We put together a large one, about fifteen feet long by six feet wide and tall. The ends are a tripod of large poles with a single center pole and smaller side poles about every couple of feet. We lashed all of this together with binding twine, and also used the twine to weave in and out of the side and end poles to fashion a netting to hold the leafy limbs, shingled from the bottom up, needed to enclose it and provide some protection from the weather. We positioned it so the ends were toward the northeast and southwest to better manage the wind, and added our entry hole on the side facing southeast. We put all our gear inside except our canteens and entrenching tools and headed for Indian Territory.
We headed due south expecting not to have to travel very far through the wood before reaching the gravel road that ran east and west. This worked out well and within an hour we had arrived at the expected road and turned west. In just a short while we had reached what we had been told was the home of Harvey, Sioux Indian. A nice big two- story white house at the junction of the gravel road that ranthrough Bloomfield Cemetery and the one that ran east and west. It had a large room built onto the south side with a sign in the window reading, “Museum.” Nothing about the house made it looked unusual. I mean nothing made it appear to be the home of an Indian. I don’t really know what we expected to see, but whatever it was, we didn’t see it.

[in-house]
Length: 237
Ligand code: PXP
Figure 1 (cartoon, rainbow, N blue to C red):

No one was outside, so there was nothing to do but go up to the door and knock. The gentleman who answered the door looked like we thought he should but maybe a little older and his hair a little shorter. He was certainly one friendly man and welcomed us into his home without hesitation. His wife brought each of us a glass of Kool Aid and we talked about our trip—this trip, not the first failed attempt. He quizzed us a little about family.I kept expecting him to ask, “shot any ducks lately?” He was mostly interested in what we hoped to take away from our long walk to his place. We told him, a little too innocently perhaps, we wanted to dig in an Indian mound in search of bones and weapons, and as a second thought, “learn something about these people.” I thought maybe this was all said backwards, or was the wrong thing to say altogether, but it seemed to make no difference to him. He assured us we would be able to do just that, with the possible exception of finding bones.
He enjoyed showing young people his collection of American Indian artifacts. Much of his collection was from the Dakotas, areas where he was from originally, but he hadIndian and related items from all over the country. He proceeded to give us a very thorough tour and unlike a museum, we could handle things. He actually encouraged it by picking out an item, something we knew nothing about, hand it to one of us and then explaining what it was used for and by whom.